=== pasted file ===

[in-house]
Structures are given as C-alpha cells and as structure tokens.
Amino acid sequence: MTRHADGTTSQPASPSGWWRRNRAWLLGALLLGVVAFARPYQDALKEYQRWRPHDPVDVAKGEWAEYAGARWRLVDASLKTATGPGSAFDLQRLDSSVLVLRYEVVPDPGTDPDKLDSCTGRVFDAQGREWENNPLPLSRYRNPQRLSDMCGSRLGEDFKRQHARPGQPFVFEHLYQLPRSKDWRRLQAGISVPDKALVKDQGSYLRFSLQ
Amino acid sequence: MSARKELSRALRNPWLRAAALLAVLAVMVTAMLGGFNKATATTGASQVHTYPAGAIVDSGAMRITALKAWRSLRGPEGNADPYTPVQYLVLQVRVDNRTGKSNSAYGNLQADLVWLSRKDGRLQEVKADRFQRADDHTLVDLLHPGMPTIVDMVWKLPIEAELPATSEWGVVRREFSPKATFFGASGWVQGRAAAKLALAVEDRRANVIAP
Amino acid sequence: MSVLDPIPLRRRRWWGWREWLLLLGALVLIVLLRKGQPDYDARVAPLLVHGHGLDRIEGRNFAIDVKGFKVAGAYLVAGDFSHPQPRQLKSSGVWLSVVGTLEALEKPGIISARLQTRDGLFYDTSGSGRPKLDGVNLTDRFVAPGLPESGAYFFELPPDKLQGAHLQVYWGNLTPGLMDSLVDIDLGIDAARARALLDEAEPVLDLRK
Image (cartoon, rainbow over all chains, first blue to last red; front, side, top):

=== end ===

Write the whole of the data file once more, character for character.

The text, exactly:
[in-house]
Structures are given as C-alpha cells and as structure tokens.
Amino acid sequence: MTRHADGTTSQPASPSGWWRRNRAWLLGALLLGVVAFARPYQDALKEYQRWRPHDPVDVAKGEWAEYAGARWRLVDASLKTATGPGSAFDLQRLDSSVLVLRYEVVPDPGTDPDKLDSCTGRVFDAQGREWENNPLPLSRYRNPQRLSDMCGSRLGEDFKRQHARPGQPFVFEHLYQLPRSKDWRRLQAGISVPDKALVKDQGSYLRFSLQ
Amino acid sequence: MSARKELSRALRNPWLRAAALLAVLAVMVTAMLGGFNKATATTGASQVHTYPAGAIVDSGAMRITALKAWRSLRGPEGNADPYTPVQYLVLQVRVDNRTGKSNSAYGNLQADLVWLSRKDGRLQEVKADRFQRADDHTLVDLLHPGMPTIVDMVWKLPIEAELPATSEWGVVRREFSPKATFFGASGWVQGRAAAKLALAVEDRRANVIAP
Amino acid sequence: MSVLDPIPLRRRRWWGWREWLLLLGALVLIVLLRKGQPDYDARVAPLLVHGHGLDRIEGRNFAIDVKGFKVAGAYLVAGDFSHPQPRQLKSSGVWLSVVGTLEALEKPGIISARLQTRDGLFYDTSGSGRPKLDGVNLTDRFVAPGLPESGAYFFELPPDKLQGAHLQVYWGNLTPGLMDSLVDIDLGIDAARARALLDEAEPVLDLRK
Image (cartoon, rainbow over all chains, first blue to last red; front, side, top):